Addiction Policy Forum Blog

10 min read

Look on the bright side—new research shows that it helps you live longer

By Mark Gold, MD on September 26, 2019


Everyone knows someone who always seems positive, even in challenging situations. To them, the glass is always half full. For example, Microsoft founder Bill Gates is one fabulously successful optimist:1

“In my own life I’ve been extremely lucky. But even subtracting out my personal experience, I think the big picture is that it’s better to be born today than ever, and it will be better to be born 20 years from now than today….So, yes, I am optimistic. It does bother me that most people aren’t.”2

When viewing an image of a glass containing an equal amount of liquid and empty space, 58 percent of Americans felt that the glass was half-full, according to a survey conducted by One Poll on behalf of Borden milk.3 People who view a glass as half-full think more optimistically, decisively, and with more creativity.

It’s common for many individuals to seek out self-help or turn to “positive thinking” after a crisis or particularly stressful point in their lives, and common for others to mock such efforts as misguided or naive. Individuals with depression have problems finding positive aspects of life and may even believe that the proverbial "dark cloud" hovers over their heads. Behavior and motivation-oriented substance use disorder treatment programs often encourage patients to cultivate positive beliefs and to try to focus on positive developments, and some patients approach these practices with skepticism. These programs may advise: fake it till you make it, or shoot for the stars and settle for a moon landing. 

Research, however, consistently demonstrates the benefits of optimism across a number of key health functions. Studies show that optimism can decrease mortality,4 reduce the risk of stroke,5 reduce the risk of heart disease,6 present fewer progressions of carotid disease,7 and improve pulmonary function,8 among other health benefits. So why might an optimistic disposition and positive attitudes lead to better health outcomes, and just how beneficial are these approaches to life?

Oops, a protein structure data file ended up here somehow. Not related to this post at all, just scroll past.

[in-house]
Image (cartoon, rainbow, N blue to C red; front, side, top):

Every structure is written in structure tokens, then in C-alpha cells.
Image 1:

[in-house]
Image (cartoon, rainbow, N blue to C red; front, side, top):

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5 min read

Smoking will kill you, but first, it will accelerate the aging process

By Mark Gold, MD on September 5, 2019

Scientists and the general public have been aware of the harmful effects of tobacco for years now, recognizing its links to cardiovascular problems, cancer, and an array of other serious health problems. The Centers for Disease Control states that cigarette smoking accounts for over 480,000 deaths every year in the United States, and seven million deaths worldwide annually, which makes smoking the leading cause of preventable death in the world.1 Of those 480,000 deaths per year in the United States, the CDC includes more than 41,000 deaths resulting from secondhand smoke exposure. Secondhand smoke can cause or worsen a wide range of damaging health effects in children and adults, including lung cancer, respiratory infections and asthma. Scientists have concluded that the only real difference between first and secondhand smoke is consent. Children and others exposed to secondhand smoke suffer the same consequences but did not intend to smoke at all.2 In toto, cigarette smoking results in one in five deaths annually, or 1,300 deaths every day. On average, smokers die 10 years earlier than nonsmokers. 

Unfortunately for individuals who are smoking or exposed to cigarettes, new research indicates that tobacco use contributes to yet another health problem: biological aging. Previously, studies on the effects of tobacco use on aging have been fairly limited in their conclusions, but in recent years researchers have focused more on the question, applying new scientific tools in their work. One recent study, by Mamoshina et. al., used artificial intelligence to analyze blood and cell counts of smokers and non-smokers and to measure how much tobacco use aged smokers.

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